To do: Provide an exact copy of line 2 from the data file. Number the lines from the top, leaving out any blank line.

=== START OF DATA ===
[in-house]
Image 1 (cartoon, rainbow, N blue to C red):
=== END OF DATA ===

Image 1 (cartoon, rainbow, N blue to C red):